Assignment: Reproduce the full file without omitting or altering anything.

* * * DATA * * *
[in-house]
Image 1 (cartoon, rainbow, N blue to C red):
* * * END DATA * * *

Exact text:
[in-house]
Image 1 (cartoon, rainbow, N blue to C red):